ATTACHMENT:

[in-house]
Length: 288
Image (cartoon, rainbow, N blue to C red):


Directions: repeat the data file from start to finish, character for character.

[in-house]
Length: 288
Image (cartoon, rainbow, N blue to C red):